I'm curious. How does digital MF have better low light capability? From what I've read on Luminous Landscape and other sites many (most?) MF backs don't even do above 800ISO and if they do it's not very good, also I've read they have issues with long exposure heat build up? Have I missed something lately that they are getting good 4 and 5 digit ISOs on digital MF backs now?
Most MF digital backs use CCD-based sensors and most smaller format cameras these days tend to use CMOS sensors so there is a difference in technology. The SNR numbers I put down are based on calculations where equivalent technology is employed, the only difference being the size of the sensor.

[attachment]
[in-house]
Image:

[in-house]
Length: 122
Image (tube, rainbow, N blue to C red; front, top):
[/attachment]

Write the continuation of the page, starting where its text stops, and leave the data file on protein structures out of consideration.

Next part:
I think most new MF backs are actually CMOS these days. I remember reading that somewhere...although I could be wrong. But for quite some time, yea, CCD. However, most still don't have the super-high ISOs that 35mm CMOS has been getting lately.
Also just as an aside, why so much comparison to Canons Cinema line? Did medium format film get used that much? Other than 70mm that is.
I didn't make any comparisons to Canon's cinema line, so I'm a bit confused. Was that question meant for someone else?
MF film (120 roll) used to be used constantly, and actually has experienced somewhat of a slight resurgence thanks to the whole Holga type movement/experimentation, and the fact that hobbyists like myself have discovered MF and a rather low price for the older (but still great) film gear.
Also, the comparison is partly due to the rather high price of MF Digital. Most especially for the digital backs, and the lenses since they tend to be much larger (e.g. bigger pieces of glass, which is more expensive) than the 35mm lenses. Especially some of the bigger formats, such as 6x9, where the lens had to project a significantly larger image circle.